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Minn. police respond to Facebook video claiming ‘planted’ evidence

The video shows an officer handing an empty plastic bag to a second officer for evidence collection, police said

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By Emily Cutts
Post-Bulletin, Rochester, Minn.

ROCHESTER, Minn. — A post on social media that accused Rochester police officers of “planting a baggie” in a vehicle following a traffic stop Tuesday evening is false, the department says.

The post in the Spotted in Rochester group stated "... I got a video of that cop planting a baggie in the door...” The poster later clarifies in the comments that "... after looking closer at the video, he didn’t put it in the door, it looks more like he put it between the seats.” A 3 minute, 34 second video was also posted to the page. In it, it clearly shows an officer handing a item to another officer who is searching the front passenger seat area.

Rochester police communications coordinator Amanda Grayson said the department reviewed the social media video and the officer’s body camera video and determined the claim to be false. Grayson said that during the search of the vehicle, an officer handed a visibly empty plastic bag to another officer saying it was for evidence.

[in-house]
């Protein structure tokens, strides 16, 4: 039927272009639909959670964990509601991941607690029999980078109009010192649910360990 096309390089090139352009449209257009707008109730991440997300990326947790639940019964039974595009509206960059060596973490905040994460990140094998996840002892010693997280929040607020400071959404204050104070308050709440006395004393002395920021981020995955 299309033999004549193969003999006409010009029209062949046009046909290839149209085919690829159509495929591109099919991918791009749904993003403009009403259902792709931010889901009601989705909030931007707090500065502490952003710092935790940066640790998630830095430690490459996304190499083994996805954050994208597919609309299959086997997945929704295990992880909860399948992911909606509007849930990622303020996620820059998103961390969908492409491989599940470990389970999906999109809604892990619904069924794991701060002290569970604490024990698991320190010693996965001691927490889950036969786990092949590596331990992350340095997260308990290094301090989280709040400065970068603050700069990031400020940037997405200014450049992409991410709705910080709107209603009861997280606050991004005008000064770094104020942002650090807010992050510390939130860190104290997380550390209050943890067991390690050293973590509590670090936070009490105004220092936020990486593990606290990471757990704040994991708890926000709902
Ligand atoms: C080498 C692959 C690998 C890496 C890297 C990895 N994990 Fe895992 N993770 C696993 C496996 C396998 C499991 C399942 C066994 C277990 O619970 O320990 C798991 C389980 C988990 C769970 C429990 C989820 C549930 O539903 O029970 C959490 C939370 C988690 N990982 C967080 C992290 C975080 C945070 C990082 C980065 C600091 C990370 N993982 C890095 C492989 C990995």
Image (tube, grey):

“That officer is then observed putting evidence into the bag and placing it onto the roof of the vehicle in plain sight,” Grayson said in an email.

“We take these accusations seriously and will look in to it,” Rochester police Capt. Casey Moilanen said Wednesday morning, hours before Grayson’s statement.

Moilanen said police stopped the vehicle Tuesday evening because officers had probable cause to arrest one of its occupants for a controlled substance crime. That individual, who police did not identify Wednesday morning, was the only person arrested. Moilanen said officers found drug paraphernalia in the car.

According to the Rochester Police Department’s policy, “Officers shall activate their (body-worn cameras) when anticipating that they will be involved in, become involved in, or witness other officers of this agency involved in a pursuit, stop of a motorist or pedestrian, search, seizure, arrest, use of force, adversarial contact, and during other activities likely to yield information having evidentiary value.”

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